RUN3SIXTY is broken. Or more accurately...its humble ultramarathon-running owner, and your faithful narrator, is broken.
It started with a back problem, the right hip thought it was too hip to be cool and joined in, and not wanting to miss out on the action the adductors and hip flexors completed the party. The net result? My running is now reduced to a bare minimum...which is not ideal with 95miles of the West Highland Way Challenge Race looming on the horizon. May 27th, exactly 12 weeks out from today.
Injury and running is common. Very common. Currently with 984,000,000 Google search results as proof, it's inevitable at some point for a runner. I've been pretty lucky to date (and done a lot of things right) to avoid it. But it's caught me up! Or maybe I caught it up when I hit 50 last year - running stronger than ever, but recovery taking that little bit longer.
Either way we're having to get along with one another, work things out, make concessions and seek professional help together. Just as I'd advise my clients to do; I took some rest, cut the intensity and volume way back and sought out the support of a good physiotherapist. I'm doing the rehab exercises daily, following advice to keep the running easy and limited whilst cross-training to make up the shortfall in training volume.
In previous years, 12 weeks out from a race, I'd want the modality to be as specific as possible; spending most of my time running the trails, not on a bike. I would therefore treat any cross-training as a nice extra - a training stimulus that sits on top of the running volume BUT without the same deleterious impact on the muscles, tendons and joints.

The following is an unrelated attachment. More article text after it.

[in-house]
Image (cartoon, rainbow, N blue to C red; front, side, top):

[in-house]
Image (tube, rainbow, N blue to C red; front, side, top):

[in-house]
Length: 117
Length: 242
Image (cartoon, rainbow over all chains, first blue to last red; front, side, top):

Now, this takes me to the point of this article. It's becoming increasingly apparent to me that normal service will not resume in time to safely progress to the necessary running volume and avoid reinjury. So I've decided to go all in on cross-training and undergo my own little experiment in the name of sports science. OK, sample size of one...but we've got to start somewhere!
In the process I hope that a) I learn a thing or two and can benefit those runners I coach, and b) anyone reading this, and subsequent posts, can find some hope and direction if they ever find themselves in a similar situation.
Hence the title of this post; can you cross-train your way to completing a 95mi trail running ultramarathon? I intend to answer that question by spending hours going literally nowhere! On a stationary bike and SkiErg. I'll follow the same training block strategy, style of workouts and training load volumes I'd normally apply from this point in my training. I will still maintain a low level of running, c.3hrs in the week (all recovery runs), to maintain some resilience to the specific demands of running. The balance however, and fitness build, will come from cross-training 5hrs to 11hrs a week over the period. So, 60-80% of my training will not be running. That really hurts for a runner to say!
'Tune in' for further instalments to see how the training plan unfolds, learn from my experiences, mistakes and triumphs as the race inches closer. Indeed, if you've any advice or wisdom you can share please comment in the post.